AACC liveblog: Getting Published: Bruce Winter: Advice from a Veteran

Bruce says “always contribute to the body of knowledge”…

Argument should take place in the main body of the thesis, not in the footnotes. Some have used footnotes to disown arguments.

In the metamorphous from student to scholar we need to move on from attributing every notion or idea in footnotes and be prepared to argue things out in the text.

What does it mean to be a Christian and an Academic?

Bruce resolved never to engage, in his writings, with trashing other scholars. He believes that evidence should be argued out in the pages without playing the man.

A non-Christian friend made the comment that one of Bruce’s books “wasn’t an easy read.” He came to the realisation that the first paragraph has to be engaging if we are to grab the attention of a reader. Bruce’s rules of thumb:

  1. The heading must entice.
  2. The first sentence must grab the attention.
  3. The second sentence must inform.

This, in my opinion, a good rule of thumb for writing anything. Basically you’ve got to think about how you yourself approach a text – how many academic books have you read right through?

Bruce resolved to agonise most over headings and sub-titles, and introductions. They are important.

Chapter headings need sub-headings. They need to be well thought out structures. We must write with purpose.

Bruce reads the preface, the chapter headings, the chapter introductions and the conclusions (including the links between chapters) before deciding whether to read the whole book. His approach to writing follows his approach to reading.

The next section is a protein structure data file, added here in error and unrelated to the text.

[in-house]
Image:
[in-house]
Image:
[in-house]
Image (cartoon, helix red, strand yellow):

There must also be a Christian approach to criticism, and especially to the review process. Some journals offer authors the right of reply to reviews – how do you take this opportunity without trashing someone who has trashed your work? We want academic interactions to also be Christian interactions.

Bruce avoids fads in academic circles because they pass. Some publishers love fads and are always in search of the next new thing.

We are accountable to Christ – not to reviewers or audiences.

Questions to ask of your work.

  • Have we added to the body of knowledge?
  • Have we illuminated the text?
  • Have we built people up?
  • Who are we writing for?
  • What we write is the application of our gifts for the benefit of others. So does it benefit others?

Publish or perish is not the motto of the Christian.